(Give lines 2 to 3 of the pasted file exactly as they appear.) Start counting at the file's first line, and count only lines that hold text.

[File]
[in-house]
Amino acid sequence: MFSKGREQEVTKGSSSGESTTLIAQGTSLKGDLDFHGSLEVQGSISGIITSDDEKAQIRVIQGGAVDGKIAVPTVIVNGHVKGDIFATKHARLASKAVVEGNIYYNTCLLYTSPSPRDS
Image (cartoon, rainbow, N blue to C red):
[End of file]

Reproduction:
Amino acid sequence: MFSKGREQEVTKGSSSGESTTLIAQGTSLKGDLDFHGSLEVQGSISGIITSDDEKAQIRVIQGGAVDGKIAVPTVIVNGHVKGDIFATKHARLASKAVVEGNIYYNTCLLYTSPSPRDS
Image (cartoon, rainbow, N blue to C red):